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Solving SDGE Models: Approximation About The Stochastic Steady State


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  • Michel Juillard

    (Economic modelling Czech National Bank)

  • Ondra Kamenik


Recently, there has been many applications of perturbation methods for solving stochastic dynamic general equilibrium models. However, in standard applications of the perturbation method, the Taylor expansion is always computed around the deterministic steady state. Because of nonlinearities, the center of the ergodic distribution of the endogenous variables can be away from the deterministic steady state, making it not the best point around which to take the approximation. In this paper, we advocate the computation of the approximation around the stochastic steady state. We define the stochastic steady state as the point of the state space where, in absence of shocks in that period, agents would choose to remain although that there are taking into account future volatility. The paper suggests a simple and practical way of calculating the approximation at the stochastic steady state. The proposed method, instead of doing one big leap toward uncertainty, makes a few smaller steps adding a new portion of uncertainity in each. Each step corresponds to a problem of finding an approximation of the decision rule with smaller shocks than in the original problem; hence the method is practical, since it allows using an existing implementation of perturbation method. The paper provides results on a few example models using a framework of Dynare++.

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Bibliographic Info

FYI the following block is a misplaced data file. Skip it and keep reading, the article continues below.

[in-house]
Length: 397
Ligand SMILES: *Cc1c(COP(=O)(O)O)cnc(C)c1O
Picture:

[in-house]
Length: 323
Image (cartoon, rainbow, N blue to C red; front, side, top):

Paper provided by Society for Computational Economics in its series Computing in Economics and Finance 2005 with number 106.

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Date of creation: 11 Nov 2005
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Handle: RePEc:sce:scecf5:106

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Cited by:
  1. Born, Benjamin & Pfeifer, Johannes, 2014. "Risk Matters: A Comment," Dynare Working Papers 39, CEPREMAP.
  2. Jan Bonenkamp & Yvonne Adema & Lex Meijdam, 2011. "Retirement Flexibility and Portfolio Choice," CPB Discussion Paper 182, CPB Netherlands Bureau for Economic Policy Analysis.
  3. Pablo Winant & Hélène Rey & Nicolas Coeurdacier, 2011. "The risky steady state," Sciences Po publications info:hdl:2441/c8dmi8nm4pd, Sciences Po.
  4. Matthias Hoffmann & Michael Krause & Peter Tillmann, 2014. "International Capital Flows, External Assets and Output Volatility," MAGKS Papers on Economics 201442, Philipps-Universität Marburg, Faculty of Business Administration and Economics, Department of Economics (Volkswirtschaftliche Abteilung).


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